The Air Force denied Novosel’s request to rejoin the service, so in 1964, he joined the Army to help alleviate its need for combat helicopter pilots. But instead of training young pilots, Novosel was sent to Fort Bragg, North Carolina — now Fort Liberty — to serve as a chief warrant officer with Green Berets in the 6th Special Forces Group. And even though he had 20 years of military flying experience, he was told he had to get a new official aeronautic rating at one of the Army’s flight schools. So, Novosel was sent to Fort Wolters, Texas, with young pilots who were still learning the ropes.

“I was old enough to be the father of most people in the place,” Novosel said in his memoir.

He eventually caught a break and was quickly designated an Army aviator. He reported to Fort Bragg in early September 1964 and flew missions in the Dominican Republic with his new unit in 1965. He was there when he learned he’d be going to Vietnam.

“When I volunteered for active duty with Army aviation, I believed that my considerable experience would be put to use training Army aviators,” Novosel wrote in his memoir. “I never thought I’d be sent to Vietnam as a combatant, certainly not at my age.”

But those were his orders, so that’s what he did, landing in the country in January 1966. He was assigned to the 283rd Medical Detachment, an aeromedical evacuation “Dustoff” unit, which was a designation that became the universal call sign for all medevac units in the country. Not surprisingly, Novosel was the most experienced aviator in the unit and quickly became a leader who earned his fellow soldiers’ trust.

According to Croslow, Novosel also had a lot of instrument flight experience – something no one else in the unit had but was critical to medevac missions. Novosel was able to teach that skill to a lot of the younger pilots while there.

“A lot of times there was severe weather that gunships and troop transports wouldn’t necessarily fly in, but medevac always had to fly,” Croslow explained. “While people had instrument ratings and all of that, [Novosel] had a great deal of experience in it. Driving a B-29 to deliver ordnance thousands of miles away is an instrument-heavy business.”

The missions were dangerous, though, and the Dustoff units lost a lot of pilots.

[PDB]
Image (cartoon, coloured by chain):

Novosel returned home after a yearlong deployment, but he went back to Vietnam voluntarily in 1969, this time with the 82nd Medical Detachment, which was also a Dustoff unit. Croslow said Novosel took the assignment after having turned down a much safer one flying the fixed-wing P-2V Neptune.

Leave No One Behind

On Oct. 2, 1969, Novosel and his UH-1 Huey aircrew had been flying for about seven hours when they got a call to rescue a group of wounded Vietnamese soldiers who were pinned down by the Viet Cong. Without hesitating, Novosel steered his helicopter toward the stranded soldiers, who were in a heavily fortified enemy training area.

Novosel had to maneuver through machine-gun fire without any cover to find the wounded soldiers. There was no way to communicate with them, so he had to circle around the battle area several times, flying at a low level under constant fire to attract the attention of the scattered friendly troops until they finally realized they needed to assemble for evacuation.

Novosel and his crew were forced out of the battle area six times by enemy fire, but each time, they returned, coming back from a different direction to land and extract more and more men.

Toward the end of the mission, Novosel went in to get a wounded soldier who was spotted near an enemy bunker. Novosel knew he would attract a hail of enemy fire, but he went for it anyway, hovering backward to pull the man onboard. As his crew did so, the helicopter was hit by close-range automatic weapons fire, damaging the aircraft and hitting Novosel in the right leg and hand. The pilot momentarily lost control of the helicopter but quickly recovered and moved out of the area.